“You gonna kiss me?” I asked.

“There's something weird about Mrs. Yoder, don't you think?”

“I dunno.” I said.  I don't pay much attention to people. They don't see me so I don't see them.

Her fingers dug into my shoulders. Her nails scraped my bones.

I asked what she meant.

She threw me back against the lockers and paced, like a scientist about to make a big discovery. She shouted. Balled her fists. Kids gave her a wide berth in the hall. Derek pointed and laughed. So I wouldn't feel left out, he called me ugly. I flicked him off.

“There’s something,” she said. “Something not right. I can feel it. Feel it in my bones.”

 

According to her, her bones can pick up on ethereal undercurrents. Eddies of the unseen.

“Sooooo like?” I said.

“I don't know what it is.” She paced more and swore slot. “But I'm going to find out.” She balled her fist and shook it at god, I guess.

 

So, after the next week's session, Rs and Ws and Ls dripping like rank, moldy honey off our lips, we hid behind a couple lockers waiting for her to go home to whatever she does after school. Probably, she knits and wishes she was dead.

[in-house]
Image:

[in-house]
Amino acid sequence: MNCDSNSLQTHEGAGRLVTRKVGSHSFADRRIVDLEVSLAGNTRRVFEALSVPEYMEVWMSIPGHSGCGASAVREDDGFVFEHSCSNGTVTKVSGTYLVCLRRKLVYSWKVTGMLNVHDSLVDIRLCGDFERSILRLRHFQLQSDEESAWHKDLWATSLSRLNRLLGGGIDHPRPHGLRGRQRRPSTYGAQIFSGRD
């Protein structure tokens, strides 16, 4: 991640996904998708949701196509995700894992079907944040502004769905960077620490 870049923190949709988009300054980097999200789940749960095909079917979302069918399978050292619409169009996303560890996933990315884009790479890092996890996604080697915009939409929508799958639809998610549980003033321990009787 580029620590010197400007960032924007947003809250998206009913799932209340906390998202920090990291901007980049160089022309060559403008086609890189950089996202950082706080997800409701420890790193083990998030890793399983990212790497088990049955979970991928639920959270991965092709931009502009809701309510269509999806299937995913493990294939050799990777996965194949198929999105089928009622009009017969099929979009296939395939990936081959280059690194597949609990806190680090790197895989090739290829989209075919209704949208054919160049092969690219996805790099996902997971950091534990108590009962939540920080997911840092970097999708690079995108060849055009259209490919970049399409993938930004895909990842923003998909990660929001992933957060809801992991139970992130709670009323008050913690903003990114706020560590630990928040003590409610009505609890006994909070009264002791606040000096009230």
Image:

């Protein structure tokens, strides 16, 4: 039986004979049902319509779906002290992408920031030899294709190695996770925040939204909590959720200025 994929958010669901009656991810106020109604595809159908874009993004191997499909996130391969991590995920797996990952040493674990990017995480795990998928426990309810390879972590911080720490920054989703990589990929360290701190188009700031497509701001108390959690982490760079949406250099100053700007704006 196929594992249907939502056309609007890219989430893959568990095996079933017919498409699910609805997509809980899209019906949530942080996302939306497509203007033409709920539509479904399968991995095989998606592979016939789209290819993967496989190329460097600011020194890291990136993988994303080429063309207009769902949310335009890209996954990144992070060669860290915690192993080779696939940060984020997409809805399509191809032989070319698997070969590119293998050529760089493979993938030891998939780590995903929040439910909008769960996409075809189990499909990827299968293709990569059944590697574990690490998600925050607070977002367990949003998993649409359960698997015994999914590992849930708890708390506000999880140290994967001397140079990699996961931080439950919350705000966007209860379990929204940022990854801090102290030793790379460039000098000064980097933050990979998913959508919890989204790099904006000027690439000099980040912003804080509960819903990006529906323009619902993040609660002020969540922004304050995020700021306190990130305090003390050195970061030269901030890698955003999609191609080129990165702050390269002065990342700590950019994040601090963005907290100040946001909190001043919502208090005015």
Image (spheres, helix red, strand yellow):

We huddled in the shadows of the lockers. Courtney glared at her office door so intently she didn't even hear Derek compare me to a deep sea creature. Mrs. Yoder, after, oh I don't know, about a million lifetimes, opened the door. Her Wal-Mart heels clicked down the hallway. We shot out of the shadows and caught the door before it shut, locking away Mrs. Yoder's secret forever. Or at least until next Tuesday. There were probably no secrets either. Just an insane best friend.

We looked around. Weird, let me tell you, to be in there, without the chorus of voices, and the only light coming through the thin slats in the blinds. Felt Like my hearing aid was off. I snapped my fingers next to my head. 

“Why are you snapping?” Courtney said.

“I feel deaf!”

“Well, stop being weird and search.”

“What awe we looking fo’? You have been, thwoout this whole thing, wather unclear.”

“I dunno.” she said. “Weird vibes. Skulls maybe.”

“Ah! Suddenly, the clouds have pawted and I can see!”

She rammed me with her hip, then we snooped around for awhile. I found a packet of cigarettes. A flask. A tattered picture of Obama.

“I think your vibwations or whatevew misled you this time Court.” I said.

“They are not idiots.” She crawled on the floor. She licked her finger and held it up. “Feel that?”